The last two weeks have seen a succession of security incidents in the Syrian theater: anti-aircraft fire from Syrian territory at Israeli planes flying over the Golan Heights; retaliatory Israeli strikes on anti-aircraft batteries and anti-aircraft missiles, as well as on additional targets on the Syrian side of the border; the launch of two Grad rockets from Syrian territory at Israel’s Mount Hermon; Israeli response with strikes on Iranian, Hezbollah, and Syrian regime targets, chief among them a logistics center used by the Iranian Revolutionary Guards, which includes an operational infrastructure that had been speedily built in the Tiyas military airbase (an area according to the Iranians was under a Russian defensive umbrella); and anti-aircraft fire from Syria toward Mount Hermon, without any ordnance falling within Israeli territory.
The two Grad rockets were launched at Mount Hermon (one landing on it and the other apparently within Syrian territory) from a range of some 30 km within the border, an area where a number of groups are active and have an interest in striking at Israel, each for its own reasons. The first is the Assad regime, which seeks to deter Israel from continued strikes in Syria; the second is the Shi’ite militias run by Iran, whose motivation is to avenge Israel’s aerial attacks against the Iranian entrenchment and its proxies in Syria; the third is Hezbollah, which is signaling that it does not intend to give up on its precision-missile project—and if doing this from Syria and not from Lebanon is possible, then all the better.
Another possible theory is that ties between Moscow and Tehran may have soured over the Syrian question, with Assad complaining about having to pay the price of Iran’s actions in Syria, and that, as a result, the Iranian Revolutionary Guards are interested in stirring up escalation without taking responsibility for it. The bottom line is to increase Syrian dependency on Iran, given its damage power – the power to undermine stability and disrupt the political processes necessary for reforming the country’s governance.
Israel, for its part, is taking a dual approach to the Syrian theater. On the one hand, as far as it is concerned, the only responsible actor is the Assad regime. This view stems from the “educational” doctrine that avoids accepting a plurality of responsible actors; whoever invites hostile elements into his country and hosts them should then bear the consequences. And indeed, Israel has placed the responsibility for the firing at the Hermon on the Assad regime, as it is the actor who controls the area, without making any direct allegations against Iran.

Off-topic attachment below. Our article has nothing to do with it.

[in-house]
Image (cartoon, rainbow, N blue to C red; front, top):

On the other hand, Israel sees Iran as an enemy whose consolidation in Syria poses a core challenge and threat that must be disrupted through air strikes and other military operations, and not by targeting the Assad regime.
Israel has restrained its strikes in Syria in recent months, apparently due to pressure from Moscow, informed by a desire to preserve good ties with Russia in order to help advance a coordinated Russian-American move toward an arrangement in Syria that would entail removing the Iranian military forces. The rocket-launching incident provided the IDF with an opportunity to strike at Iranian infrastructures that had been rebuilt and renewed in Syria without overly angering Russia and possibly also to demonstrate the dangers inherent to Iranian conduct and to encourage Russia, as well as the Assad regime, to move ahead with the political process in Syria.
The relations and coordination between Moscow and Jerusalem displease the Iranians, who seek to neutralize Israel’s achievements so far in a number of ways: harming Israeli-Russian ties; reducing Israel’s freedom of aerial action over Syria; continuing Iranian consolidation in Syria, and increasing Assad’s dependency on Iranian aid. The Iranians are also troubled by the contacts between Washington and Moscow to resolve the crisis in Syria, including the planned meeting among the national security advisers of the United States, Russia, and Israel, whose basic aim is to generate pressure to compel Iran to leave Syria and a political process that will reduce Iran’s clout and influence in the country.
In Iran’s view, the way to stymie Israel is to initiate “small” incidents in Syria that will expand Israel’s points of friction with the forces of both Russia and the Assad regime. The more Israel is forced to respond to incidents, the greater the chance of mistakes and clashes with Russia as well as with regime forces. If Israel opts for forbearance, new rules of the game will be set and Iran will have more freedom to pursue its entrenchment in Syria. In either case, Iran stands to gain, and this is the logic behind the current policy of the Revolutionary Guards in Syria.
So far, the IDF has enjoyed aerial leeway, and if it avoids mistakes and wisely chooses what to respond to and what it might let pass (especially regarding the Russian forces in Syria), Israel will be able, for now, to continue striking at Iranian attempts at entrenchment and smuggling of weaponry to its proxies, including Hezbollah. In parallel, Israel will be able to improve conditions for a political arrangement led by Russia and the United States. Given the political crisis in Israel, this mission rests almost exclusively with the chief of General Staff, Lt. Gen. Aviv Kochavi, who bears the heavy responsibility of not falling victim to the Iranian ambush.